Since it is currently unknown whether life forms exist on Mars, the mission could potentially transfer viable organisms resulting in back contamination—the introduction of extraterrestrial organisms into Earth's biosphere. The scientific consensus is that the potential for large-scale effects, either through pathogenesis or ecological disruption, is extremely small. Nevertheless, returned samples from Mars will be treated as potentially biohazardous until scientists can determine that the returned samples are safe. The goal is to reduce the probability of release of a Mars particle to less than one in a million. In addition, the proposed NASA Mars Sample-return mission will not be approved by NASA until the National Environmental Policy Act (NEPA) process has been completed. The NEPA process would require a public review of all potential impacts that could result from MSR, including worst case back contamination scenarios. It is likely that a formal Environmental Impact Statement (EIS) would have to be prepared. Furthermore, under the terms of Article VII of the Outer Space Treaty and probably various other legal frameworks, were a release of organisms to occur, the releasing nation or nations would be liable for any resultant damages.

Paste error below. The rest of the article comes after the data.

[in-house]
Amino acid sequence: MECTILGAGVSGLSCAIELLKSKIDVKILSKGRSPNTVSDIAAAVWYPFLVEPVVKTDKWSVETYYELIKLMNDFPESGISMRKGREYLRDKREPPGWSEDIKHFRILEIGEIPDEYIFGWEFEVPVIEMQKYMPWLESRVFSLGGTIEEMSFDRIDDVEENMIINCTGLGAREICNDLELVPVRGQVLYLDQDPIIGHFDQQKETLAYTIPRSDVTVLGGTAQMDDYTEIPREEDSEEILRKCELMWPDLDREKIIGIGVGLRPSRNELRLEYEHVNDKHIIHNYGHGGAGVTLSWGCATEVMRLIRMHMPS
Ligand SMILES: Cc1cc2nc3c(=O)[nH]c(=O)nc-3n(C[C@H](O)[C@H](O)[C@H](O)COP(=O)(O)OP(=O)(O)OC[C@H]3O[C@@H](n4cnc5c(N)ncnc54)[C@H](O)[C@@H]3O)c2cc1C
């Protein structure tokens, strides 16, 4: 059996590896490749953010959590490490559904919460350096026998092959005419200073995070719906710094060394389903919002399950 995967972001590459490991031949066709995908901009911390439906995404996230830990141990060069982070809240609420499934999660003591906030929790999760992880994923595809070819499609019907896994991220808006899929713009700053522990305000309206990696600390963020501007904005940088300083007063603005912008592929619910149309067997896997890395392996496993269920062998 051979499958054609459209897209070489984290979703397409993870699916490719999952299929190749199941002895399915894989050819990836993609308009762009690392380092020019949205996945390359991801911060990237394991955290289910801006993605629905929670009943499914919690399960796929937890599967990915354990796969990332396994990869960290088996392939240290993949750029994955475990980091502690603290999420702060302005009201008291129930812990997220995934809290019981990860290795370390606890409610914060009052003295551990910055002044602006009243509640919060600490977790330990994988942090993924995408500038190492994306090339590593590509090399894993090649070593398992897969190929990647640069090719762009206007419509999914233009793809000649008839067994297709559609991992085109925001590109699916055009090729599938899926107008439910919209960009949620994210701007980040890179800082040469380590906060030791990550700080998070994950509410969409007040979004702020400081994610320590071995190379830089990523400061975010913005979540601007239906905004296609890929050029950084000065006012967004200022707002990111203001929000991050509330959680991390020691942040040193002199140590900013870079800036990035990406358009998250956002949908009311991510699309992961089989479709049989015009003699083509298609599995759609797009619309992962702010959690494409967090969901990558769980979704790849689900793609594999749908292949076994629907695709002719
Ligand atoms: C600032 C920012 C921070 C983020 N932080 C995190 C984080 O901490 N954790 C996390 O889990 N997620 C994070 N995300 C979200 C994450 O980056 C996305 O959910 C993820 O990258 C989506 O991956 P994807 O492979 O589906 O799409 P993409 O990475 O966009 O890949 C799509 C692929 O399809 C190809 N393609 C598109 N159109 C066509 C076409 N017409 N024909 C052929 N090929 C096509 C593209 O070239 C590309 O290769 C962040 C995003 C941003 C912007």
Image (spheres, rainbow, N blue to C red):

Part of the sample-return mission would be to prevent contact between the Martian environment and the exterior of the sample container. In order to eliminate the risk of parachute failure, the current plan is to use the thermal protection system to cushion the capsule upon impact (at terminal velocity). The sample container will be designed to withstand the force of the impact. To receive the returned samples, NASA proposed a specially designed Biosafety Level 4 containment facility, the Mars Sample-Return Receiving facility (MSRRF). Not knowing what properties (e.g., size) any Martian organisms might exhibit is a complication in design of such a facility.